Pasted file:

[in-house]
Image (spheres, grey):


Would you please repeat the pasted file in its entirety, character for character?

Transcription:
[in-house]
Image (spheres, grey):